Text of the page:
Q. We have had a ton of rain this spring and so we have not had a good chance to spray our eves and exterior windows/doors for spiders. Normally we also spray/fog the tree line and yard for mosquitoes. This year I have noticed an extraordinary number of indoor spiders’ webs. Is there anything I can do to prevent them from coming in? Is there caulking I can do, or should I look for holes in the overhangs of our house? — Jill of Avilla

A. Yes, spiders can become active in the springtime for this is the time when they have baby spiders.

One of their favorite meals is ants some say if you control the ants you control the spiders. I don’t know that that’s completely true, but I do know that the more precautions I take to control insects of all types the better off my house is.

Insects can enter your house by the smallest of openings and can make homes in crawl spaces, basements and attics for generations of spiders. They usually enter your home when the weather gets cold or too wet or too dry in the fall and spring. They can be attracted also when there is a good food source like other insects.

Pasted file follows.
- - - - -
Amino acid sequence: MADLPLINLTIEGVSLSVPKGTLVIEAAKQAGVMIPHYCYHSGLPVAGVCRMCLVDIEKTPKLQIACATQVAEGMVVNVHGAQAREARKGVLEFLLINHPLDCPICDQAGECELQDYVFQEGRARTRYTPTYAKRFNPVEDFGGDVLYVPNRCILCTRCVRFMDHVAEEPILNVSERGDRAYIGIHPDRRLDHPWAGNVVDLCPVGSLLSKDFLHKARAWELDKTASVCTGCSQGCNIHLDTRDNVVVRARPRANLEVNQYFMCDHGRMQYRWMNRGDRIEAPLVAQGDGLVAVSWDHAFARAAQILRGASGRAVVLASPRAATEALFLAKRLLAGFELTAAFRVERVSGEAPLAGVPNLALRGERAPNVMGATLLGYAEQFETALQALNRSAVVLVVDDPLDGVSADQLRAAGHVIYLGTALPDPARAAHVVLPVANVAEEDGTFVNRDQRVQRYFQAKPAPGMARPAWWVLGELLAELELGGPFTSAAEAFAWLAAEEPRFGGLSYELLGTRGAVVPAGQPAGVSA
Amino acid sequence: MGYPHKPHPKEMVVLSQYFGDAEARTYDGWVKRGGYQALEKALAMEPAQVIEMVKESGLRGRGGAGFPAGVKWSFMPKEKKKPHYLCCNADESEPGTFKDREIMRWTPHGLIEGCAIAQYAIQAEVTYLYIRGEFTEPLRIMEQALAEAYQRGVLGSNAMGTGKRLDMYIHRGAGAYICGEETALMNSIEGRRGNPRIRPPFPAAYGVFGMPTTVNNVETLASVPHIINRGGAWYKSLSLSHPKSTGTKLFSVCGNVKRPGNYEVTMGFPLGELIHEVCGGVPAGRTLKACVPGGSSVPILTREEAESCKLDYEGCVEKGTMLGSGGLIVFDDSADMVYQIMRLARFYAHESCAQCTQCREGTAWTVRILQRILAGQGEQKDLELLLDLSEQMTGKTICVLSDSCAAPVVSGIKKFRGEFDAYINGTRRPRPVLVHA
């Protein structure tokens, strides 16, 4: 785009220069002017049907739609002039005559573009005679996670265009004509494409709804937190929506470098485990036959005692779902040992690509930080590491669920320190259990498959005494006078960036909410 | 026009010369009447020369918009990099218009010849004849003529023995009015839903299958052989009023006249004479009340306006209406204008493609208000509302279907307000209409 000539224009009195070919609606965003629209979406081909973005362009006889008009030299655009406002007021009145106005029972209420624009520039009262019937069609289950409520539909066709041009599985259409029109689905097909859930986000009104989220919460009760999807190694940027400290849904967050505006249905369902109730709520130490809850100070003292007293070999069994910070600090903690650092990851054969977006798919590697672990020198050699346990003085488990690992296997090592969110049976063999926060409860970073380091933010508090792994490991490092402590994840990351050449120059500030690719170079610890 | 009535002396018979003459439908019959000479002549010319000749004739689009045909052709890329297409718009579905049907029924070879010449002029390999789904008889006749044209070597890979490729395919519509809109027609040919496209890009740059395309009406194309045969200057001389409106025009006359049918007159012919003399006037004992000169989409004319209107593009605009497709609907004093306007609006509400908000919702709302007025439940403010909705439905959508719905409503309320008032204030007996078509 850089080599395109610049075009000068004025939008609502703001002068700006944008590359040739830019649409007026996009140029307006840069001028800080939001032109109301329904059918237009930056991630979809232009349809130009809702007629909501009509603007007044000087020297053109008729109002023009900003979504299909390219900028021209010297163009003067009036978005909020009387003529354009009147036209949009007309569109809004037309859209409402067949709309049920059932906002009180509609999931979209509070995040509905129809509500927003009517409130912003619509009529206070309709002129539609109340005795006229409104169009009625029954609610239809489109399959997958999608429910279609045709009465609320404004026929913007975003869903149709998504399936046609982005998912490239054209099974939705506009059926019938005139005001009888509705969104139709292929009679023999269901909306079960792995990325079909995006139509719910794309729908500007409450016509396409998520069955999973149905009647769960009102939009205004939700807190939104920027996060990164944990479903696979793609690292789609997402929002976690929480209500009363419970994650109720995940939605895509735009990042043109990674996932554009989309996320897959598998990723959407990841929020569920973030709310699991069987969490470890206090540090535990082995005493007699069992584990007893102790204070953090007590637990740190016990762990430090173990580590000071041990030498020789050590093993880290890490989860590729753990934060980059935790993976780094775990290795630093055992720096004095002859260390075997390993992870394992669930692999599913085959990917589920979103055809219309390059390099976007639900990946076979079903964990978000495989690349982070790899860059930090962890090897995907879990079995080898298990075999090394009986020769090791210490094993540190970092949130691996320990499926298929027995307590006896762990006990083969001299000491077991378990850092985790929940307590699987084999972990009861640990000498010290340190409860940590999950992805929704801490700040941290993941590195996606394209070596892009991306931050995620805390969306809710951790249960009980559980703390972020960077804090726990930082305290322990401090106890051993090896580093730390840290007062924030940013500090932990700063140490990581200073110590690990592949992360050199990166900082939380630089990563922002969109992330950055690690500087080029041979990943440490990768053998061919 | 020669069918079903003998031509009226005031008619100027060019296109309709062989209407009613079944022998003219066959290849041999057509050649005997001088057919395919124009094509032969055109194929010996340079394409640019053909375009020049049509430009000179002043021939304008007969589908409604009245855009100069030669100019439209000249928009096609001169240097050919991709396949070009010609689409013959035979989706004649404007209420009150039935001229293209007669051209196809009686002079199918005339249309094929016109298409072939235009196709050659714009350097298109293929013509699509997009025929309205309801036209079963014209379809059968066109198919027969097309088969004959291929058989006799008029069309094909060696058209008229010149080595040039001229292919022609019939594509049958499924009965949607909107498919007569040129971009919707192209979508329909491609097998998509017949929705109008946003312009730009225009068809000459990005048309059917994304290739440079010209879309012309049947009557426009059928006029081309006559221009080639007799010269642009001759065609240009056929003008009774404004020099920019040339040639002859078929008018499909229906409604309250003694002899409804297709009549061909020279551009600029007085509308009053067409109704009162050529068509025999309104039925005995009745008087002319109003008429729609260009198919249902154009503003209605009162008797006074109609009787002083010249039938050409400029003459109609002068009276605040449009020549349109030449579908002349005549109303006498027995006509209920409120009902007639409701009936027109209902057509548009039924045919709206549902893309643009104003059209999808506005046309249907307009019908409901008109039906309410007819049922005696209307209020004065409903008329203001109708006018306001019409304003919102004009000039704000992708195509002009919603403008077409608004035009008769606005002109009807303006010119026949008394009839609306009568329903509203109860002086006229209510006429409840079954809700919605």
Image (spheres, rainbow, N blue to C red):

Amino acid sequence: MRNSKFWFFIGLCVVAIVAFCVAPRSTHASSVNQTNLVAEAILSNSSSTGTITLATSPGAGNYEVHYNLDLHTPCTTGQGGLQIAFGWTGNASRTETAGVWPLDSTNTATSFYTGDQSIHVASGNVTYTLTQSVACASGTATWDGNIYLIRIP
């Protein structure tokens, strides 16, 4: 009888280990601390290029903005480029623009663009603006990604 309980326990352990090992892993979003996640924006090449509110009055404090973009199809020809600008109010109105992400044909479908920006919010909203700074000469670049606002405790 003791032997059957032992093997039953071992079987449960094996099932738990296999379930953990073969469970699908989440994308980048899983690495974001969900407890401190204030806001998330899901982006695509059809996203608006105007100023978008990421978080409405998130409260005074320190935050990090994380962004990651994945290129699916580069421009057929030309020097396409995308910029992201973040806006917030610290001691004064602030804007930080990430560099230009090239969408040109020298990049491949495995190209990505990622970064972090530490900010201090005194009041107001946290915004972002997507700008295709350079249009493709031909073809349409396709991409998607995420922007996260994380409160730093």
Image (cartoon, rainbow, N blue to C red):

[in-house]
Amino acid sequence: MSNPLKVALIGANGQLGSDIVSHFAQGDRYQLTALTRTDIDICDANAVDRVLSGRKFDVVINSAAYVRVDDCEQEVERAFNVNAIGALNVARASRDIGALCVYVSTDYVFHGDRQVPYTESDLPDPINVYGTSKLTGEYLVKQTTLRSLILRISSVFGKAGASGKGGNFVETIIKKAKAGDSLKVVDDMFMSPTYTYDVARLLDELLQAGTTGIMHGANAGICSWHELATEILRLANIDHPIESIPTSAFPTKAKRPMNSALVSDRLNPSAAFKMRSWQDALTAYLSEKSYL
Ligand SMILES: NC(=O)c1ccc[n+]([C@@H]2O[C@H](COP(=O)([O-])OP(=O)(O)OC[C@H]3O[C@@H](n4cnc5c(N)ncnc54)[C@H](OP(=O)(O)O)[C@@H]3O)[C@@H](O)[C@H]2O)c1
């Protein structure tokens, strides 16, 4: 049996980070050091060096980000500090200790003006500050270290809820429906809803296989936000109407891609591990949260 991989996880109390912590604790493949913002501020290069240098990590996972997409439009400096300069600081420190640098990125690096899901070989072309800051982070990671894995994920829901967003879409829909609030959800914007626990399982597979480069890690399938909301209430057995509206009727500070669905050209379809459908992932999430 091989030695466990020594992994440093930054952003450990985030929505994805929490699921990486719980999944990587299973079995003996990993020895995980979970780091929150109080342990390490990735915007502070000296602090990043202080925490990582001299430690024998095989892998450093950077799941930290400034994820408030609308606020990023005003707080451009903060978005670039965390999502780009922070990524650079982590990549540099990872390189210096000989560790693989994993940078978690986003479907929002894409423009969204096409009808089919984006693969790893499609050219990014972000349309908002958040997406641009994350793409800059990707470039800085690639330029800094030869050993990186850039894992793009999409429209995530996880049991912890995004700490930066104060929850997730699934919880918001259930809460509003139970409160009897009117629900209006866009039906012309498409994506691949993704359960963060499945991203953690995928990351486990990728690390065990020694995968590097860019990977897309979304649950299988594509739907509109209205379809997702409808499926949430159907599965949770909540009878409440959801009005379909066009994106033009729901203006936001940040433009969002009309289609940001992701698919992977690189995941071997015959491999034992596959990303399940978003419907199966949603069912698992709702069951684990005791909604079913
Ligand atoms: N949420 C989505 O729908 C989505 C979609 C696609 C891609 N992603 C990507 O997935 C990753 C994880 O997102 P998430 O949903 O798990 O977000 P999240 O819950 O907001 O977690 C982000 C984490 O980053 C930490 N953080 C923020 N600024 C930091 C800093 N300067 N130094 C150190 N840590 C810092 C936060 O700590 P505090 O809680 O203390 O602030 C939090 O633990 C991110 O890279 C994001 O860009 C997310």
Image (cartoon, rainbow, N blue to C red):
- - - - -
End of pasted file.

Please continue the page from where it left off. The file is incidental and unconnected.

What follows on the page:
To go over the outside of your home and caulk as many cracks, holes and penetrations you can will help keep them outside but will also help with air infiltration, making your home more efficient. Check around the bottom of the siding of your home to make sure that crack is sealed.

Make sure water is properly draining away from your house and gutters are operating properly to help deter insect growth.

A regular spring and fall exterior clean and spray for all types of insects will help deter them from your home.

Once they are inside there are a couple of safe remedies that will get rid of them — from vinegar and water to commercial indoor insect sprays.

Jeff Deahl is past president of the Builders Association of Northeast Indiana. Questions for the Square Corners column may be submitted at ba-ni.com or email info@ba-ni.com.

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